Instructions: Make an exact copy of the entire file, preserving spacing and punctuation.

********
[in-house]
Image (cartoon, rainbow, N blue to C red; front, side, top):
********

[in-house]
Image (cartoon, rainbow, N blue to C red; front, side, top):